The piece took place over half an hour with lots of changes in themes, costumes, and choreography. The installation consumed the entire performance area with the 3D projection linking the space and movements as a visual narrative. The audience was encouraged to “get in there,” and when we didn’t go to them, the performers came to us.
Footloose incorporated dance, performance, narrative, recognizable imagery, spectacle, and interactivity to present a digital presence that was not overwhelming, and was reactive to human intervention. The story was not the familiar one of technology out of control, but rather one of over-ambitious creators exceeding the limits of the natural world, and a society caught up--and lost--in its own creation. As a story pertinent to our times, it was relatable, and perhaps to some, one that could be embraced.
Footloose Presents, Theatecture and Central Market NOW are supporting neighborhood art in partnership with the SF Mayor's Office of Economic and Workforce Development, North of Market Tenderloin Community Benefit District, California Arts Council and Kenneth Rainin Foundation. Footloose is funded by Grants for the Arts/SF Hotel Tax Fund.
Yerba Buena Night
An Amazing Night Under the Stars: The 4th Annual Yerba Buena Night is October 11th! by visityerbabuena on September 30, 2014 in "Some have called it the most eclectic evening of free music, dance, art, video and live performance in San Francisco and anyone who has attended it will agree. The 4th annual Yerba Buena Night is a free outdoor festival on Saturday Oct. 11th from 6 pm to 10 pm in the heart of Yerba Buena, San Francisco’s most exciting neighborhood.
Packed with more than 40 performances on five stages in Jessie Square, Yerba Buena Lane, Yerba Buena Center of the Arts and Annie Street Plaza, Yerba Buena Night is known for its great vibe, endless surprises and fun crowds. It’s why more than 9,000 people flocked there in 2013. The nonprofit Yerba Buena Community Benefit District presents the event.
"Yerba Buena Night is getting bigger and better every year with exciting new performers," said Kim Mercado, YBCBD’s events manager. "The caliber of the talent this year is incredible."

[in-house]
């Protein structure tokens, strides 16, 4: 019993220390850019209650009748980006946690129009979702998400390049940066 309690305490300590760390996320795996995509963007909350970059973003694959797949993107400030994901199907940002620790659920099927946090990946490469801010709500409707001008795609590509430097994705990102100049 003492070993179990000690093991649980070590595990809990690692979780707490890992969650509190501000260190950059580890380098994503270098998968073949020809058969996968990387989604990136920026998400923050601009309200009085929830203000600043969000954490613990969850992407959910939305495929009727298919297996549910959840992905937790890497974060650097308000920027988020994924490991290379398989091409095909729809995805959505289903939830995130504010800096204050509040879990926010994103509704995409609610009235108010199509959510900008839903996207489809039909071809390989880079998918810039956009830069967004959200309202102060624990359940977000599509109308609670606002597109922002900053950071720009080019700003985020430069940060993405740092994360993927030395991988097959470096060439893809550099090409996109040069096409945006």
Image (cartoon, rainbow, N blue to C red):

Footloose and Theatecture return this year with new kinetic sculpture brought to life and moved by people in the Skinetic Zone. The mobile pieces with sensory lighting, textiles and objects will set the stage for roving performances on Yerba Buena Lane between 7:30 and 9:30 pm.
Creative team: Natalia Carballo, Maria Chenut, Mary Alice Fry, Cherie Hill, Caroline Margaux, Karin Moriarty, Morgan True
Free Outdoor Interactive Art and Computer Video Installation
Footloose and Theatecture present Honeycomb Zone
Saturday October 12, 6-10 pm FREE as part of
Yerba Buena Night, San Francisco, CA
Be part of the instantaneous creation of a whole world in the Honeycomb Zone where two dynamic and innovative urban environmental art projects mash up. Interact, play and build in giant toy sculptures with prefabricated, lightweight cardboard sets. Make computer video art in the Time Bubble and see it projected on the outdoor walls of the Contemporary Jewish Museum in Yerba Buena Lane.
This outdoor site specific, interactive installation is called Theatecture, a name combining theater and architecture with the mission "to offer people a customized experience of the urban landscape." The project contains creative elements anyone could relate to if they so choose. The outdoor public space and architecture is utilized as an experience of place we all share as a freedom and right to occupy. It attracts humans like the bees to gather and connect in the airy open space.